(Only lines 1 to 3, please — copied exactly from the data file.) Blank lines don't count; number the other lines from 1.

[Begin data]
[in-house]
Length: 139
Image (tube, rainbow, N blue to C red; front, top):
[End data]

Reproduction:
[in-house]
Length: 139
Image (tube, rainbow, N blue to C red; front, top):